MPP Results in Slightly Longer Wait Times for First Hearing: Court data show that a slightly larger proportion of those assigned to MPP are still waiting for their first hearing, compared to those who were allowed to remain in the U.S. This was true particularly as MPP numbers climbed, because the special courts that have been set up to hear MPP cases apparently struggled to keep up. The latest available court records show that 39 percent of immigrants required to remain in Mexico are still waiting to have their initial Master Calendar hearings compared to 36 percent of those who were allowed to stay in the U.S.
Asylum Seekers in the U.S. are 7 Times More Likely to Have an Attorney: Immigrants who were allowed to wait in the U.S. were over seven times more likely to find an attorney to represent them than those diverted to the MPP program. As TRAC previously examined in a July 2019 report, access to attorneys is extremely limited for those required to remain in Mexico. Representation rates do generally increase over time the longer individuals have to obtain attorneys. So far only 4 percent of immigrants in MPP cases have been able to find representation. In contrast, nearly a third (32%) of those who were allowed to remain in the U.S. have obtained counsel over the same time period.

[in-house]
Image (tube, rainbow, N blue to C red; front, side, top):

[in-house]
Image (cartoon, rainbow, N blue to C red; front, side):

Without representation, the odds of securing asylum are dismal. Few asylum seekers over the years have been successful in obtaining asylum without an experienced attorney to help them prepare and present their cases.
Most Asylum Seekers Attend Their Hearings Unless Forced to Remain in Mexico: Nine out of ten (89%) immigrants who are allowed to remain in the United States attended every court hearing thus far. The situation is starkly different for immigrants required to stay in Mexico: a startling 50 percent have failed to show up for a hearing, which led to a judge closing the case with an in absentia decision.
The difference in hearing attendance between those who are allowed to remain in the U.S. and those under MPP reflects the challenges asylum seekers face in the border communities where they have been required to remain. Immigrants face kidnapping, rape, and other forms of violence along the border. Further, without a permanent address, there is no mechanism for the Immigration Courts to notify immigrants about the date, time, and location of their hearing. Notices that do reach immigrants may not have accurate or complete information about where and how to cross the border into the U.S. to attend their hearing. Many immigrants without resources to sustain themselves during their wait or who become victims of criminal activity decide to give up their asylum application and either return to the home they fled or try to relocate elsewhere.
TRAC has also created an MPP Web Query tool - which allows researchers to get summary data on individual courts, on the nationality of those seeking asylum, case outcomes and so on. Check it out here.